It is very human to see things that are not there. That’s why we see
fantastic animals in the shapes of clouds or imagine a person’s face
in the rocks on Earth’s moon or in a rock formation on our own planet.
The formal name for this tendency is “pareidolia,” described by
experts as a psychological phenomenon involving a stimulus (for
example, the features of the lunar landscape) wherein the mind
perceives a familiar pattern of something where none actually exists.
Patterns of shadow and light, and various shapes, however random,
can trigger the part of our visual system that is specialized for
facial recognition, researchers believe. The “man” seen in the face of
the moon and the “Old Man of the Mountain” in New Hampshire (before it
collapsed) and religious figures discerned on toast or walls — these
are all the result of pareidolia.
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It’s also why we turn an American eagle into a jackass and Queen
Elizabeth II’s hair into a devil’s face on paper money of the United
States and Canada.
The Jackass note
Several series of $10 United States notes issued during the last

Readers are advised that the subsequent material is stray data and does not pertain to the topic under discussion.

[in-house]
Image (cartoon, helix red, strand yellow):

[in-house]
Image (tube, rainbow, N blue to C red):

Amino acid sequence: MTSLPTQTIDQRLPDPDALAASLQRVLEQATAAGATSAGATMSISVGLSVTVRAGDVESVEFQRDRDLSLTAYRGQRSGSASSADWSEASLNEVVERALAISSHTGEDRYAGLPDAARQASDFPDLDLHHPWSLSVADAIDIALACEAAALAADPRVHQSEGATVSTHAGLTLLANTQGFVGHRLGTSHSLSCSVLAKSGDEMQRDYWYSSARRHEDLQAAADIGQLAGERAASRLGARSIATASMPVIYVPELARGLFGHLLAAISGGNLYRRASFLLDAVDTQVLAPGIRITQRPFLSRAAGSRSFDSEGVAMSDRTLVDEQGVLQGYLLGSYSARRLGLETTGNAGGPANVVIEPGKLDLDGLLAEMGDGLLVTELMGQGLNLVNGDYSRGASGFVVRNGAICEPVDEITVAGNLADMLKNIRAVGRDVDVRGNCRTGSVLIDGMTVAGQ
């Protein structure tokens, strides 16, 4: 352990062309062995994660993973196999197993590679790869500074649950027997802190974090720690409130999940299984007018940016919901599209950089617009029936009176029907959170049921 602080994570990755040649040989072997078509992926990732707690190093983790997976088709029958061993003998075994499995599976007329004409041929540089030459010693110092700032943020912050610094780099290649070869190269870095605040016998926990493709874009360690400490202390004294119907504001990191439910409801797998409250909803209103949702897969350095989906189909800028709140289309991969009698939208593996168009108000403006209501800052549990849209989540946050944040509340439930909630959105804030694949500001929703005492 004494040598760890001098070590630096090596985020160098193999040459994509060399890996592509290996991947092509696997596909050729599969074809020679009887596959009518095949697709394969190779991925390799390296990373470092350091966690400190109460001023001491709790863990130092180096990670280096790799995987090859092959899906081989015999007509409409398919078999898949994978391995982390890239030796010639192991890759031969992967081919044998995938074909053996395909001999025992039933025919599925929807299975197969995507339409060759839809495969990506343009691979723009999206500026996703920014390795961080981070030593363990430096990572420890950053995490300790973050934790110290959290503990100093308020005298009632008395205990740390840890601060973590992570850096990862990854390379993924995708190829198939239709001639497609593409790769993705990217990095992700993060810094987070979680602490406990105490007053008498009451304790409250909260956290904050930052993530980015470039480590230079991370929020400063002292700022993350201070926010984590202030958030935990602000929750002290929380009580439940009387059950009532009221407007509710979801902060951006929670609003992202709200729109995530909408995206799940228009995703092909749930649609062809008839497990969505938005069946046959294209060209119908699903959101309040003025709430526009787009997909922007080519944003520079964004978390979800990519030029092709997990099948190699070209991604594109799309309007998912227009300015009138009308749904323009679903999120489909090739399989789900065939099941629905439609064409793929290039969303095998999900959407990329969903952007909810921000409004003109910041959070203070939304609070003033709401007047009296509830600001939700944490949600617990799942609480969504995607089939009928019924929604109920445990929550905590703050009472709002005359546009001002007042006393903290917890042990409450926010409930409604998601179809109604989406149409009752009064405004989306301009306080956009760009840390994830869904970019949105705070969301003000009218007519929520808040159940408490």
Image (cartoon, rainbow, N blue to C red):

half of the 19th century bear the unflattering nickname “Jackass
note.” That’s not because the notes bear a portrait of Sen. Daniel
Webster, although Sen. Robert Y. Hayne and other Southerners may have
considered Webster something of an ass as he and Hayne debated in 1830
whether states had the power to nullify federal laws.
The note gains its nickname from a small vignette of an American
eagle that when inverted, resembles the head of a jackass, at least in
the eyes of some. Like seeing the “man in the moon,” people viewing
the $10 United States note in an inverted position saw something that
was not intended.
The face of this note bears three vignettes.
Webster’s portrait appears to the left. Engraver Alfred Sealey
engraved the Webster portrait with its unflinching stare.